Staunton, March 13 – In an interview with Russia’s Regnum news agency, Armenian opposition deputy Naira Zohrabyan says that Armenian Prime Minister Nikol Pashinyan’s team believes that Russia will “fall to pieces tomorrow or the next day” and that Yerevan must turn away from Moscow and toward the West.
According to her, Pashinyan’s declaration of the shortcomings of Russian Iskander missiles was not a slip but “an SOS to the West” for help so that Armenia can “distance itself from Moscow” and become an outpost of Western influence in the Caucasus working against Russia (regnum.ru/news/polit/3213809.html).
No one should forget that Pashinyan was the one who proposed that Armenia leave the Russian-led Eurasian Economic Community, Zohrabyan says. “He was an remains attached to such views. Having become prime minister, he hasn’t changed them but only changed his rhetoric.”
According to the opposition deputy who wants Pashinyan replaced by parliamentary means, Armenia has no choice but to continue to rely on Russia; and her words about the Armenian prime minister will only encourage those in Moscow who want to see him pushed out act sooner rather than later.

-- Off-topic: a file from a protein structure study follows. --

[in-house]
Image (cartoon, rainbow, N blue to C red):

She argues that Armenia has no choice but to rely on Russia in order to prevent Azerbaijan and Turkey from ignoring Moscow and modifying the November and January declarations relative to the “’Zengezur corridor.’” Were that to happen, Zohrabyan says, it would be an existential disaster for Armenia.
Pashinyan has been able to maintain himself by “putting the statehood of Armenia at mortal risk” given that its political immunity has fallen to almost nothing: it has lost a war, its economy is collapsing, and its military command is suffering many problems as well, the deputy continues.
But the situation could grow even worse under two circumstances: if Pashinyan remains in power or if he is ousted in an unconstitutional way. In the latter case, the situation could deteriorate to the point that Armenia might not be able to recover as a state. Achieving his departure constitutionally won’t be easy, but it is the only positive way forward.
The opposition agrees he must go, although it is not united either on how or on what should happen next. Those who call for cooperation with Russia like herself are now being accused of being “Kremlin agents.” But Armenia in its current situation has no choice, and she says she will continue to work for expanded cooperation with Moscow.